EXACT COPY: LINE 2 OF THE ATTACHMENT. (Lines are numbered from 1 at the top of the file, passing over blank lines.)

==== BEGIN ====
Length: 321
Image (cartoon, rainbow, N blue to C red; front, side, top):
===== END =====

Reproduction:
Image (cartoon, rainbow, N blue to C red; front, side, top):